Carlsen H, Ebihara K, Kuwata NH, Kuwata K, Aydemir G, Rühl R, Blomhoff R (2021) A transgenic reporter mouse model for in vivo assessment of retinoic acid receptor transcriptional activation International Journal for Vitamin and Nutrition Research In Press
Chassot AA, Le Rolle M, Jolivet G, Stevant I, Guigonis JM, Da Silva F, Nef S, Pailhoux E, Schedl A, Ghyselinck NB, Chaboissier MC (2020) Retinoic acid synthesis by ALDH1A proteins is dispensable for meiosis initiation in the mouse fetal ovary. Sci Adv 6: eaaz1261
Cunningham TJ, Duester G (2015) Mechanisms of retinoic acid signalling and its roles in organ and limb development Nat Rev Mol Cell Biol 16: 110-123
De Leenheer AP, Lambert WE, Claeys I (1982) All-trans-retinoic acid: measurement of reference values in human serum by high performance liquid chromatography. J Lipid Res 23: 1362-1367
Esteban J, Serrano-Maciá M, Sánchez-Pérez i, Alonso-Magdalena P, Pellín MC, García-Arévalo M, Nadal A, Barril J (2019) In utero exposure to bisphenol-A disrupts key elements of retinoid system in male mice offspring. Food Chem Toxicol 126: 142-151
Gundersen TE, Bastani NE, Blomhoff R (2007) Quantitative high-throughput determination of endogenous retinoids in human plasma using triple-stage liquid chromatography/tandem mass spectrometry. Rapid Commun Mass Spectrom 21: 1176-1186
Jurutka PW, Wagner CE (2019) Methods to Assess Activity and Potency of Rexinoids Using Rapid Luciferase-Based Assays: A Case Study with NEt-TMN. Methods Mol Biol 2019
Kedishvili NY (2013) Enzymology of retinoic acid biosynthesis and degradation. J Lipid Res 54: 1744-1760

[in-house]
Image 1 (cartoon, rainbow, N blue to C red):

Morgenstern J, Fleming T, Kliemank E, Brune M, Nawroth P, Fischer A (2021) Quantification of All-Trans Retinoic Acid by Liquid Chromatography-Tandem Mass Spectrometry and Association with Lipid Profile in Patients with Type 2 Diabetes. Metabolites 11: 60
O'Byrne S, Blaner WS (2013) Retinol and retinyl esters: biochemistry and physiology. J Lipid Res 54: 1731-1743
Rossant J, Zirngibl R, Cado D, Shago M, Giguère V (1991) Expression of a retinoic acid response element-hsplacZ transgene defines specific domains of transcriptional activity during mouse embryogenesis. Genes Dev 5: 1333-1344
Shannon SR, Moise AR, Trainor PA (2017) New insights and changing paradigms in the regulation of vitamin A metabolism in development. Wiley Interdiscip Rev Dev Biol 6: 10.1002/wdev.1264
Solomin L, Johansson CB, Zetterström RH, Bissonnette RP, Heyman RA, Olson L, Lendahl U, Frisén J, Perlmann T (1998) Retinoid-X receptor signalling in the developing spinal cord. Nature 395: 398-402
Stevison F, Hogarth CA, Tripathy S, Kent T, Isoherranen N (2017) Inhibition of the all-trans Retinoic Acid ( at RA) Hydroxylases CYP26A1 and CYP26B1 Results in Dynamic, Tissue-Specific Changes in Endogenous at RA Signaling. Drug Metab Dispos 45
Stoppie P, Borgers M, Borghgraef P, Dillen L, Goossens J, Sanz G, Szel G, Van Hove C, Van Nyen G, Nobels G, Vanden Bossche H, Venet M, Willemsens G, Van Wauwe J (2000) R115866 inhibits all-trans-retinoic acid metabolism and exerts retinoidal effects in rodents. J Pharmacol Exp Ther 293: 304-312
Topletz AR, Tripathy S, Foti RS, Shimshoni JA, Nelson WL, Isoherranen N (2015) Induction of CYP26A1 by metabolites of retinoic acid: evidence that CYP26A1 is an important enzyme in the elimination of active retinoids. Mol Pharmacol 87: 430-441